Per Baseball-Reference's HOF ballot history, we can see who all cleared 50 percent but was not elected by the BBWAA. (Later enshrinements by various forms of the Veterans Committee don't count, of course. Not here. Maybe in JaffeWorld, but here, he can't have his cake and eat it too.)

Besides the obvious one of Jack Morris, and Hodges who started this all off, generally going from older to younger, we have Frank Chance, Edd Roush, Max Carey, Enos Slaughter, Eppa Rixey, Nellie Fox (who, in his best year, was 1/10 of a percent short of where Craig Biggio was this year) an. Jim Bunning,

So, that's nine players. Not just one or two. Eight percent. Of those nine, none would be in my Hall of Fame. Nellie Fox is the only one who'd be real close to consideration, in fact.

It's also 10 percent of the 96 players voted in by various veterans and old-timers committees, and these nine were, by BBWAA voting standards, the cream of the crop.

But, Jaffe is Mr. JAWS!

So, and since his two pieces were part of an annual bit of JAWS and the Hall, let us just see how each of these players rates.

Hodges? 33rd in JAWS among first basemen. Six non-HOF first basemen past BBWAA ballot lifespan rank higher.

Morris?  159th among starting pitchers. I'm not even going to count the non-HOFers ahead of him who have already had their BBWAA shot.

Chance? 32rd in JAWS among first basemen. Six non-HOF first basemen past BBWAA ballot lifespan rank higher.

Roush? 35th among center fielders. A whopping 14 post-BBWAA vote CFs rank higher. 

Roush? 26th among center fielders. A total of 7 post-vote CFs are higher.

Slaughter? 26th among right fielders. Three post-vote non-HOFers are higher.

Rixey? 105th among starters. Hey, Morris fans, see just how low he is? Thirty-two starters, just of those who pitched the majority of their careers after 1900, rank higher. Now, Morris fans, you see just how bad he really was, comparatively?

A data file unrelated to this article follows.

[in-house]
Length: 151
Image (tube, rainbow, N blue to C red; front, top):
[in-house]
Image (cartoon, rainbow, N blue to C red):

Fox? 21st among second basemen. Three 2B who had a shot at the BBWAA and fell short rank higher.

Bunning? 57th among starters. Four post-1900 starters non-elected starters rank higher.

Anyway, the basic point is that, if Jaffe supports lowering entry to 50 percent support, he supports Gil Hodges being in the Hall of Fame, even if he doesn't tout him by name. And, if he's going to justify his "bureaucracy" claim by counting Veterans Committee votes, he's definitely lost credibility with me. 

If we follow him to his logical conclusion, he supports nine players being in the Hall who have no business being there right now, some of whom are discussed in more detail in my blog posts about pitchers and position players I'd vote back OUT of the Hall.

So, no, don't lower the threshold to 50 percent. And, if you're going to expand the voting line to 12 players, then do what I advocated in those two posts: give voters one slot for voting a player OUT.

And, given the expansion of number of teams and players, I'd venture that percentage rate will go up, not down, in the future. (This isn't an argument for lowering it.)

Beyond that, if I'm a big Hall guy, I can pluck some percentage out of the air, say "most" players who crossed it eventually got elected (especially if I include Veterans Committee elections), say that those who didn't faced "endless bureaucracy," and call for lowering voting standards to that level.

To sum up?

Jay Jaffe has devised a very good sabermetric tool. Too bad he doesn't actually apply it to his various big Hall, drop-the-barriers ideas of who should get in.

To sum up, another way?

Jay Jaffe, at least indirectly, would seem to support the HOF induction not only of Gil Hodges (and Jack Morris), but seven other candidates like him. And perhaps more like him in the future. 

Because, as Swedish Chef puts it on that BBTF thread:
If the threshold is lowered to 50%, everybody over 40% will get in eventually...  
Bingo.